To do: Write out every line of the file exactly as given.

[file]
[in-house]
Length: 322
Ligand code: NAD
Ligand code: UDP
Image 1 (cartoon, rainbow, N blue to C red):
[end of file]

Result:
[in-house]
Length: 322
Ligand code: NAD
Ligand code: UDP
Image 1 (cartoon, rainbow, N blue to C red):